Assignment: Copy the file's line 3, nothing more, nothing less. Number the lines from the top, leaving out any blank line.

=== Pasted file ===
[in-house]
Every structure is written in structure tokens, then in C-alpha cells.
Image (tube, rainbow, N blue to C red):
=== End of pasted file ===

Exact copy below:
Image (tube, rainbow, N blue to C red):